There are a few noteworthy strengths in this study. First, the study focused on patients with oesophageal cancer combined with hyperlipidaemia, a subject which has reveived less attention in existing scientific research. By studying the relationship between preoperative combined hyperlipidaemia and postoperative metabolic function, preoperative management and postoperative rehabilitation can be improved. Second, the comparison of lipid changes at different postoperative time points enhances the comprehensiveness of the findings and provides valuable insights into the dynamics of lipid parameters, contributing to a deeper understanding of the long-term effects of oesophageal cancer resection on lipids. In addition, the results of this study are not only applicable to patients with oesophageal cancer, but also might additionally serve as a resource for the management of allied illnesses. This study has certain limitations. First, 110 patients from a single medical facility constituted a numerically unremarkable but eligible sample used in the study's retrospective review. It is possible that some patients did not strictly follow the requirement of fasting for 10–12 h prior to the examination, possibly leading to bias and limited the generalizability of the results to the larger group of patients with combined hyperlipidaemia undergoing oesophagectomy for oesophageal cancer. Therefore, a large sample, multicentre study is necessary to validate the results. Second, this study had a limited follow-up period, and a longer-term assessment of metabolic markers and general health would help to provide a more thorough grasp of the effects of oesophageal cancer surgery on patients with hyperlipidaemia. Third, this study focused on metabolic changes after surgery and did not delve into specific dietary and lifestyle measures that affect patients' metabolic markers after surgery. Future studies could take specific nutritional and exercise interventions into account to explore their potential impact on patients' postoperative metabolic health.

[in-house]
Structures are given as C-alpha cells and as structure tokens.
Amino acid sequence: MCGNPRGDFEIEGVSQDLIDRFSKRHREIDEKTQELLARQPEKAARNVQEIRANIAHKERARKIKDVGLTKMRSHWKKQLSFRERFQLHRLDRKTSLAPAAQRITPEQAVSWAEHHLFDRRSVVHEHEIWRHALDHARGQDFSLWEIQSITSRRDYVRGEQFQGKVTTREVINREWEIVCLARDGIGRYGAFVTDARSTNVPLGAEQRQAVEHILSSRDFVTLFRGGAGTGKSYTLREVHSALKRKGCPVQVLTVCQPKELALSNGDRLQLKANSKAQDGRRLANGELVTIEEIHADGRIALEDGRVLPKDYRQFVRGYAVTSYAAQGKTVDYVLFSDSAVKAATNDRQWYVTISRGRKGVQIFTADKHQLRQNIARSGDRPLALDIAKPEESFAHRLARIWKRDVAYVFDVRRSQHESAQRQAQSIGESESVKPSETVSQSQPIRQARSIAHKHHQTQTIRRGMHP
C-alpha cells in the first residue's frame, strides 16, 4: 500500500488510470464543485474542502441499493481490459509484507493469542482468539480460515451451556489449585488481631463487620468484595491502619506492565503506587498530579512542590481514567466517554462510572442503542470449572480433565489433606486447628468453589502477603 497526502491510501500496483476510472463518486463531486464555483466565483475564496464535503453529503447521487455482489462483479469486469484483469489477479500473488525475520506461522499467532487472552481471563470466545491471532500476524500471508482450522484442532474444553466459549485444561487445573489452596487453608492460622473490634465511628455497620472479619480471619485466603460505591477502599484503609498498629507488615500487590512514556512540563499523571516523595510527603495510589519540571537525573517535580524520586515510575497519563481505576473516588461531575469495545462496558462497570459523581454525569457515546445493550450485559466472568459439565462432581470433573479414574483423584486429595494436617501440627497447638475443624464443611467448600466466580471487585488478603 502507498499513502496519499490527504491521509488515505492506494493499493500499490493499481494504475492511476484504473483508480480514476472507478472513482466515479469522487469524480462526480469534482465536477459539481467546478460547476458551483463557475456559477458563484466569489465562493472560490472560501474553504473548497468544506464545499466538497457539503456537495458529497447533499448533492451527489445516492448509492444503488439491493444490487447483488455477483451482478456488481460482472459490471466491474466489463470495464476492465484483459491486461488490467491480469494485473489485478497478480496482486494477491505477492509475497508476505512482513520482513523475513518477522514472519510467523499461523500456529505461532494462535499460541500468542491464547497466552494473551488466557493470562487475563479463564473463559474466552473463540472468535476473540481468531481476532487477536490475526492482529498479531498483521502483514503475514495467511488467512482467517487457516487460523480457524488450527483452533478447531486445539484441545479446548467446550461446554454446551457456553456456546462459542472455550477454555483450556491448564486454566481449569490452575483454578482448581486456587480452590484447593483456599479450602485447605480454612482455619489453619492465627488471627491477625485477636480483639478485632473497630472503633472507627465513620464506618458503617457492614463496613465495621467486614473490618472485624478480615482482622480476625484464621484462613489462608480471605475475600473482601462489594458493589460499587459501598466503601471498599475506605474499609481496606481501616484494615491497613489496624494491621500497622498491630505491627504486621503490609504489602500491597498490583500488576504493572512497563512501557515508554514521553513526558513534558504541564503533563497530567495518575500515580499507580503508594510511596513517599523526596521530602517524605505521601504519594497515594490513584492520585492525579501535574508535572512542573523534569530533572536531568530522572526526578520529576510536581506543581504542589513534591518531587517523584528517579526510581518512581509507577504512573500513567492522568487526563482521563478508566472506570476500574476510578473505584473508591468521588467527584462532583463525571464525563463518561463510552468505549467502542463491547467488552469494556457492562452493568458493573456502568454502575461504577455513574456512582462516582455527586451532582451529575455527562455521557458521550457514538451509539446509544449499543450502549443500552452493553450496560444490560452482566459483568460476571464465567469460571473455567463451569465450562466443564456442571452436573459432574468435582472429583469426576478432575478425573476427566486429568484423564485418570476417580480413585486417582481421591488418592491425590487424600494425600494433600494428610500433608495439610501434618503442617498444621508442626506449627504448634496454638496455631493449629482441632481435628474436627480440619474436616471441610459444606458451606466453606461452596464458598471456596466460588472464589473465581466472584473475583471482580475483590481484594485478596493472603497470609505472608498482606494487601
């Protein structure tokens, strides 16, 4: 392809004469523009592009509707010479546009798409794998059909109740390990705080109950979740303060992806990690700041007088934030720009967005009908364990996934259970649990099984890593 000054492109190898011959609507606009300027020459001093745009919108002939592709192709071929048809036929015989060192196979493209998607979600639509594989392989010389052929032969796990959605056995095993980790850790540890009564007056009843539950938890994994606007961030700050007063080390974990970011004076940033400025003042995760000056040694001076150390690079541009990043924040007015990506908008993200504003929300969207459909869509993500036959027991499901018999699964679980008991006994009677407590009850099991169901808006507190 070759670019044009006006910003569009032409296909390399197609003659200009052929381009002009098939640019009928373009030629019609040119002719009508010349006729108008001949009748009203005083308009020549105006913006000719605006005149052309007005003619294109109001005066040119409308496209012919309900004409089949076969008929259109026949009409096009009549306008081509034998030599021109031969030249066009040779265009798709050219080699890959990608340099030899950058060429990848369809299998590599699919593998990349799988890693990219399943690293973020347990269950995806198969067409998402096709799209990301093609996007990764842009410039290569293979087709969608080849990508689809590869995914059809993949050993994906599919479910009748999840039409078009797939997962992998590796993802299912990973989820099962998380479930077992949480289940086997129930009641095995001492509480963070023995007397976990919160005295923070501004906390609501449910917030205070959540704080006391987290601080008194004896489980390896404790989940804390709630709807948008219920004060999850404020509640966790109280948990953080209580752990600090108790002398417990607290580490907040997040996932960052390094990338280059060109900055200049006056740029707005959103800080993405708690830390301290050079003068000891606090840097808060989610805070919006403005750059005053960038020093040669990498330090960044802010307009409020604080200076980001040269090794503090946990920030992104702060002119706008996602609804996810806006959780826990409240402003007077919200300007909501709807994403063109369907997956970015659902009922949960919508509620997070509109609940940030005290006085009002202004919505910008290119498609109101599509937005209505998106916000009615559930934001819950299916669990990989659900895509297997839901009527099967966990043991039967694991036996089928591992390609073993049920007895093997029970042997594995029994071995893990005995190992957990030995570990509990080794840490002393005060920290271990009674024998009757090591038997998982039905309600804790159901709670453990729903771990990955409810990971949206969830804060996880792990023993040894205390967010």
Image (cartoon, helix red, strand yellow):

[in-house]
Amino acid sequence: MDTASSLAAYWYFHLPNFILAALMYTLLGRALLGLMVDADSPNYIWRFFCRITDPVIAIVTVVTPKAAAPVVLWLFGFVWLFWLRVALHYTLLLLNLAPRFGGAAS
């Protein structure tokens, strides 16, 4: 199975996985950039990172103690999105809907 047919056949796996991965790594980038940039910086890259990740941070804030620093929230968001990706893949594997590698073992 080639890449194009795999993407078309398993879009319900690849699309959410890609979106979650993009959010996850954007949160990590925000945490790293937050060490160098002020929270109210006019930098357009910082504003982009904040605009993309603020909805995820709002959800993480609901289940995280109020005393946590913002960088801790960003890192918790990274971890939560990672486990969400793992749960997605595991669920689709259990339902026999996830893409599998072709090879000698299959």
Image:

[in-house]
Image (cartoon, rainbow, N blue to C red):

In conclusion, this research endeavours were directed towards scrutinizing the impact of oesophageal cancer resection on blood lipid profiles. By systematically analysing and contrasting serological parameters in patients with oesophageal cancer and concurrent hyperlipidaemia before and after surgical intervention, researchers have gained valuable insights into this interplay. As such, researchers have posited that oesophageal cancer resection may exert a certain degree of efficacy in ameliorating hyperlipidaemia, thereby potentially reducing the risk of atherosclerotic cardiovascular disease in affected individuals. Confirmation of this effect could provide clinicians with better postoperative management strategies to enhance patients' standard of living and long-term survival. Nonetheless, it is imperative to approach these findings with a degree of circumspection, given the study's limitations, and advocate for further high-quality, long-term investigations to corroborate and extend the understanding of this complex relationship.